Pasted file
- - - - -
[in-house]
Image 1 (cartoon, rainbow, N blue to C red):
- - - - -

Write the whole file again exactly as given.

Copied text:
[in-house]
Image 1 (cartoon, rainbow, N blue to C red):